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877 Views 3 Replies Latest reply: Dec 20, 2012 5:23 PM by vnuk RSS
vnuk Newcomer 8 posts since
Nov 5, 2009
Currently Being Moderated

Dec 19, 2012 4:19 PM

What is recommended way to check which user/IP consumes most bandwith?

What is the easisest method to discover who is currently (or in a recent period of 5, 10, 60 minutes) using the most bandwidth or transfers the most data? By creating a filter on the MEF (ver. 8.1.2), using QoS, using some combination of rules, or si it better to deploy (obsolete) FW Reporter or FW Profiler?

  • PhilM Champion 528 posts since
    Jan 7, 2010

    Though I've never seen it, I would have though that FW Reporter might be best option. I think there are also some bandwidth usage reports in Profiler.

  • sliedl McAfee SME 535 posts since
    Nov 3, 2009

    You can use the 'cf reports' command, albeit it's a bit tricky to get it all set up:


    If you have turned on the reporting databases you can run a 'report' on the audit files.  You can see if you have any databases to run reports on by running this command:
    $> cf reports show_databases

    If you get an error about 'Can't connect to local MySQL server...' then your reporting isn't on.


    You can turn on the reporting database with these commands:
    cf daemond enable agent=auditsql
    cf daemond enable agent=auditdbd
    (in that order)


    Now look at 'cf reports show_d' and you'll see one database there named 'auditdb'.


    Then you have to wait for the databases to be built.  What this does is watch the audit stream and while audits come in, auditdbd and auditsql write the audit information to an SQL database.  Then you can query it.  You have to wait for the audit database to be built (i.e. it's real-time, so you'll have to wait a few days).  Your older audits are not automatically added into the database.


    When you do have an audit database built you can run this command to get a traffic report:
    $> cf reports run_report report_name=traffic


    There IS a way to build databases for each audit file that is already on your firewall.  I'll explain it quickly:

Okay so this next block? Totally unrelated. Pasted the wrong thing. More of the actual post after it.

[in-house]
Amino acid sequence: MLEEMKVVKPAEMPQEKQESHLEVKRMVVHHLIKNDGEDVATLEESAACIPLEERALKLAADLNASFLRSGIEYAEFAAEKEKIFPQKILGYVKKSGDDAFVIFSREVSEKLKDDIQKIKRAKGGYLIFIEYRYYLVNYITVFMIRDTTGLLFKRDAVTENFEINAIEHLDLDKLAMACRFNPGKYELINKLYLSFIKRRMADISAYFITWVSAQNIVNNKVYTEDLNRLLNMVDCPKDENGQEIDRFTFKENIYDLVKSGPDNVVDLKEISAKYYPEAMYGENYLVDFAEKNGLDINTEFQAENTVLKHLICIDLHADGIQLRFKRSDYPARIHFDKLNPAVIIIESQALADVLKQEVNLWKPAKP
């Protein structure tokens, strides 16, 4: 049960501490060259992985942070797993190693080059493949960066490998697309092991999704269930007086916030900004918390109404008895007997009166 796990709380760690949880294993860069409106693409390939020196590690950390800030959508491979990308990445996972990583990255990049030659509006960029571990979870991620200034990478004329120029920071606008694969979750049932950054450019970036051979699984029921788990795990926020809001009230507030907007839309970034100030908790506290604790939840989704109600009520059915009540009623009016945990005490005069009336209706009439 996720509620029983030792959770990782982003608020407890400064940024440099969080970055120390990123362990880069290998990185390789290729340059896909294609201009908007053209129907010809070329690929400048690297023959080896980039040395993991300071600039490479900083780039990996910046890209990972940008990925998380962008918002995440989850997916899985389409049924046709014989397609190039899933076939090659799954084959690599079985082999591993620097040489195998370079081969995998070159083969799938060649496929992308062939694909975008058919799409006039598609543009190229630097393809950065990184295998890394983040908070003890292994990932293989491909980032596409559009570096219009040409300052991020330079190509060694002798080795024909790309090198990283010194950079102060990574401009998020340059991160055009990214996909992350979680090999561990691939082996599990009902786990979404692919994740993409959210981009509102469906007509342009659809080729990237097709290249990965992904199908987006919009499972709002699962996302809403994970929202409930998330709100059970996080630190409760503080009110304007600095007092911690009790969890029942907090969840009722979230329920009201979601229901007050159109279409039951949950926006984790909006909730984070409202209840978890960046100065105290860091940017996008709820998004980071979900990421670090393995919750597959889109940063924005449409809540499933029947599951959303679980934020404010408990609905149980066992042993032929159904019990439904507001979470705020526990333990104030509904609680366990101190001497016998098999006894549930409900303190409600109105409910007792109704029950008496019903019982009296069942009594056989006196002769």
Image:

$> ls /var/log/audit.raw*
    - This gets a listing of the current audit.raw and the 'rolled' audit files

    $> /usr/libexec/auditdbd -f /var/log/[audit_file] -d [database_name]
    - This command opens the [audit_file] and puts it into the MySQL database with name [database_name].  You replace [audit_file] with audit.raw.[date-range].gz name (from the 'ls' command, or just audit.raw) and [database_name] with whatever you like.  Then this [date-range] of audits will be available in 'cf reports show_databases' and you can run a report on it.


    As as example:
    $> /usr/libexec/auditdbd -f /var/log/audit.raw.20120101020000.20120102020000.gz -d db_1
    The audit file covering Jan. 1, 2012 2:00 a.m. to Jan. 2, 2012 2:00 a.m. is then converted into a MySQL database named db_1 and then you can run a report on it.  You do this for each rolled-audit file in /var/log, giving each a different name at the end of the command (e.g. db_2, db_3, etc.)


    If you run 'cf reports show_d' now you'll see auditdb and db_1 as the two databases there and the timeframes they contain.  You can then run a report on the audit events in that rolled-audit file by specifying 'db=db_1' at the end of the 'cf reports run_report' command.


    Each rolled-audit covers a specific timeframe and the reports are run on that time frame - you cannot specify a timeframe such as "the last 5 minutes."


    You can also add ALL the rolled-audits in /var/log into one database using one command:

    $> ls /var/log/audit.raw.*.gz | xargs -I xxx /usr/libexec/auditdbd -d database_name -f xxx

    However, this will add all the rolled-audit events into ONE database, so it will cover a large timeframe and may not be useful for reporting.


    Read the 'man cf_reports' man page for more information on how to use the 'cf reports' command.

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